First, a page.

b) Gamaliel – This was the famous Rabban Gamaliel, The Elder whose Rabbinic School flourished from AD 1 to AD 49. Gamaliel led the Sanhedrin and had an authoritative voice in this Council. He is mentioned in the Talmud and the Mishna, and is held in high esteem even today. The Talmud says regarding Gamaliel, “When Rabban Gamaliel the Elder died, regard for the Torah ceased, and purity and piety died.” Gamaliel was also a Pharisee. Christian tradition says that Gamliel eventually became a believer in Messiah and was baptized by Peter and John along with his son and Nicodemus. Here is an interesting quote from Gamaliel; “one who has memorized everything by study, but has no understanding, and is the son of poor parents”.
a) Paul in Galatians 1:13-14 makes a very similar statement concerning his persecution of the Church. Paul understands the deception of the spirit of religion because he was deceived by it at one point in his life. What we overcome gives us authority to release others from that same bondage. See 1 Timothy 1:12-16.
b) As Paul mentions the high priest and Sanhedrin, he is addressing people who knew him and could testify that he is who he says he is. They could testify to the truth that they had charged Paul with letters to persecute believers in Messiah.
c) Paul calls faith in Christ the Way. Greek – Way – HODOS – a way, a travelled road, metaphor for a course of conduct, a way of thinking, feeling, and deciding. It is important that we see faith in Jesus as a process and journey into being accepted and Fathered by God.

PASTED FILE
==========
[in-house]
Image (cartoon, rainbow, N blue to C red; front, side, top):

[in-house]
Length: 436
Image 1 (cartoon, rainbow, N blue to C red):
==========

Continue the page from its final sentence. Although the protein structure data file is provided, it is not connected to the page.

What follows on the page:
d) Historically we should note that Christianity has not separated from Judaism at this point, but was considered an extension of it through the New Covenant that Jesus cut on the cross. Belief in Messiah confirmed all the previous Covenants because they all pointed and prophesied His appearing and redemption. It would be approximately 200 years before Christianity had taken on a distinct identity and ceased to be a movement within Judaism.
e) Paul begins the narrative of his conversion to Messiah on the Damascus road.
a) We should never underestimate the power of our testimonies. They are on-ramps for people to consider truth about God, and they cannot be easily disputed because they are personal and they “humanize” the gospel of Jesus Christ. Testimonies are theology personalized. The Lord Jesus was so kind to intervene in Paul’s life and His grace towards Paul was immense, making a persecutor into an Apostle.